The UK’s Food Standards Agency has issued new advice on some vitamins and minerals that could have possible harmful effects if taken in too high a dose.

The advice follows the publication of the report of the Expert Group on Vitamins and Minerals, which has assessed the available evidence on safety, in response to concern over possible risks of taking high doses of vitamins and minerals.

While current intakes of most vitamins and minerals are not thought to be harmful, the FSA has said one substance may have the potential to cause cancer and has consulted on a proposal to ban its use. The FSA also warned that six substances may have irreversible effects if taken in large amounts over long periods of time; and three substances may have short-term harmful effects, which would disappear if people stopped taking the supplement.

The FSA has advised consumers not to take chromium in the form of chromium picolinate, which the agency says may have the potential to cause cancer, and said it has consulted on a proposal to ban its use in the manufacture of food supplements. The agency said that having 10mg/day or less in total of chromium in other forms is unlikely to cause any harm.

The FSA warned that levels of vitamin C above 1000mg/day could cause abdominal pain and diarrhoea. Similarly, high intakes of calcium (above 1500mg/day) and iron (above 17mg/day) may result in similar symptoms in some people. These symptoms should disappear once people stop taking the supplements.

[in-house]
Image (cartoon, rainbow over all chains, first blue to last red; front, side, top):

There are some substances that may have irreversible harmful effects if taken for long periods at the highest supplemental doses. These include beta-carotene (especially for smokers and those exposed to asbestos), nicotinic acid, zinc, manganese (especially for older people) and phosphorus.

Current advice on vitamin B6 is being re-emphasised. The Agency advises against taking more than 10mg/day of vitamin B6 from dietary supplements unless acting on medical advice. High intakes taken over a long period of time can lead to a loss of feeling in the arms and legs.

"While in most cases you can get all the nutrients you need from a balanced diet, many people choose to take supplements. But taking some high dose supplements over a long period of time could be harmful. We are using an extremely thorough independent expert review of the scientific evidence on the safety of vitamins and minerals as the basis for new advice to help consumers make informed choices. In addition, the board of the Food Standards Agency will be considering what further action we would wish the supplements industry to take," said Sir John Krebs, chair of the FSA.